Open Access News

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Tuesday, September 04, 2007

A very personal protest of PRISM

Tom Wilson, Resignation from Editorial Boards, Research Information Weblog, September 3, 2007. 

I suggested, last week, that academics should resign from editorial boards of journals published by the supporters of PRISM. Clearly, then, I had to do so myself. Below is a copy of my letter to the Editor of the International Journal of Information Management (a journal I founded). I have written in similar terms the editor of Education for Information.


Dear Philip,

I have felt for some time that there is a conflict of interest in my membership of the Editorial Board of the International Journal of Information Management, given my advocacy of open access publishing and, more to the point, the fact that I am publisher and editor of an open access journal.

This feeling was strengthened by the recent announcement of the lobby group PRISM, established, as I understand by the commercial publishers as an attempt to discredit the open access mode of publishing. In particular, their claim that open access threatened the peer review process is nothing less than the 'big lie' - the propaganda technique of Dr. Goebbels - and, clearly, I cannot let my name continue to be associated with a publisher who is prepared to use this kind of tactic.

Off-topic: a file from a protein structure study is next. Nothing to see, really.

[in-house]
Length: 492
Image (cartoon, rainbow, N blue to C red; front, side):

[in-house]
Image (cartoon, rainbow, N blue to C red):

You and I both know that this claim is nonsense and it is a very great pity that the publishers are prepared to employ the services of a lobbyist who adopts this kind of strategy: it does little to encourage trust in their motives.

I particularly regret that I have to resign from the Board of a journal that I founded and with which I have been associated for so long, but in the present circumstances no other course of action is available to me.

Given that one of the claims of the PRISM Website is that the publishers spend significant amounts of money on supporting the peer review process, and given that, in common with other academic referees, I have never benefited from that spending, I shall in future refuse to undertake unpaid refereeing work for any journal which is not an open access publication.

I shall be copying this message to my colleagues on the Editorial Board and to my Weblog, in support of the open access movement.

With regrets and kind regards to you, personally,